The Daily Monastic Life and Education in Myanmar
Sao Htun Hmat Win, MA., AM.
(From 'The Initiation of Novicehood and the Ordination of Monkhood in the Burmese Buddhist Culture', Department of Religious Affairs, Rangoon, 1986)
The Daily Routine
All the residents in the monastery are accustomed to sleep late at night after reciting all the old lessons by rote or meditating upon the manner in which they have spent the whole day. However everybody is happy to get up from the coarse and rough coconut mattresses and wooden floor early in the morning before day break. The loud and harsh sounds of the brass discs and bronze bells including hollow-wood-gongs, mercilessly beaten by the sleepy young scholars and novices, make every body jump out of the uncosy beds. It is about four o'clock early dawn. Washing of faces, mouths and hands, and rushing to the latrines are spontaneously done and every body is fresh and clean at day break.
Hot rice gruel is ready in the dining hall to appease the hungry stomach and there is no complaint even if there is no side dish nor any appetizer. This is the regular breakfast if there occurs no festival and special ceremonial celebration in the monastery.
The daily routine of the monastic life is very busy; the discipline is exacting and rigid, but never harsh. The morning service and homage to the Lord Buddha before the monastic shrine, the sharing of merits and meditation of Lovingkindness to all sentient beings, and the mutual confession among the members of the Order are systematically done in the morning. The junior monk must approach another senior monk to confess his sins or sometimes the senior member may approach the junior one to confess his guilts. So here is the Confessional Catechism usually intoned by the pairs. Sometimes there are group confessions instead of two by two procedure.
Junior: "Aham bhante sabba apattiyo avikaromi;- Venerable sir, may I disclose all my sins."
Senior: - "Sadhu Sadhu Sadhu; - All right, All right, All right"
Junior: - "Aham bhante sambahula nanavatthuka sabba apattiyo apajjim ta tumha mule patidesemi;- Venerable sir, I have committed all these many sins of various nature. I confess them under your kindness and consideration."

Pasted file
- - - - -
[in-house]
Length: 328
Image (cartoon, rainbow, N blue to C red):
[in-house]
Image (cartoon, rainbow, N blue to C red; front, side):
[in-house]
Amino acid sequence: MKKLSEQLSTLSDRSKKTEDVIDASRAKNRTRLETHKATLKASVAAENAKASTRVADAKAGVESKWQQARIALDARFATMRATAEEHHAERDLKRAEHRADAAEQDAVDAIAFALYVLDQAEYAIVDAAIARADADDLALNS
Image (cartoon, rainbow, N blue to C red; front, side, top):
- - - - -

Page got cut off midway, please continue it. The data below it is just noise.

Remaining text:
Senior: - "Passasi avuso ta apattiyo; - Do you realise that these are sins?"
Junior: - "Ama bhante passami; - Yes, Venerable, I do realise sir.
Senior: - "Ayatim avuso samvareyyasi; - Next time you shall restrain well, my fellow."
Junior: - "Sadhu sutthu bhante samvarissami; - Aliright, Venerable, I shall restrain well and appropriately sir."
Senior: - "Sadhu Sadhu Sadhu. All right. All right. All right."
N.B. Change avuso in place of bhante; and bhante in place of avuso when the Senior Monk does confession to a Junior monk. And change Passatha instead of passasi and samvareyyatha instead of samvareyyasi.
All the novices then are admonished by a monk to observe the ten precepts of samanera. A novice then admonishes all the scholar boys in the monastery to observe the five precepts of the laity, and all the morning services are concluded by the sharing of merits, beating the triangular brass discs with wooden hammers.
The monastic educational method is to learn all the Pali texts by rote and to attend the classes where the learned monk translates the passages and explains the meaning of the doctrine imbibed therein.
Then at 9:00 o'clock having changed into clean robes and washed the alms-bowls all the monks and novices set out in a long procession into the village quarters for alms-round.
The school boys march along with a triangular brass disc slung on a bamboo staff shouldered between two of them which they strike now and then to call the attention of the villagers that the Samgha are coming for alms-round. And behind them, in their yellow robes, their faces cast down to the ground and looking neither to the left nor to the right, their arms embracing big black bowls to receive the alms-food come the monks and novices in slow and solemn procession; and from the houses come forth women and children with a little rice, a little curry, or fruit, or some thing to eat, to put into the alms-bowls. The Samgha express no word of thanks, but pass silently on. The gifts are not acknowledged. The cover of the alms-bowl is removed, and when the offertories have been put in, it is recovered. And when they have completed their usual round, with their bowls full of eatables, and the containers carried by the boys are also filled with curries and fruits and cakes, they went their way back to the monastery as solemnly as they departed. Thus the teachings of the Lord Buddha are fulfilled, the Samgha by living a life of humility and poverty, the laity by exercising their charity towards the venerable ones.
The charitable devotees supply the Samgha with the monastery to dwell in, the robes to wear, the medicine to treat with, and the food to eat; and ask in return no thanks but instead grateful for the opportunities thus given of performing acts of charity and accruing merits and virtues. Thus the daily alms-round serves bilateral benefit for the devotees as well as the devoted ones.